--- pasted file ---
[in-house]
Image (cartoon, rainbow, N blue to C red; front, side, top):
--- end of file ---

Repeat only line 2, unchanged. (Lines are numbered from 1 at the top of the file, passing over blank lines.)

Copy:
Image (cartoon, rainbow, N blue to C red; front, side, top):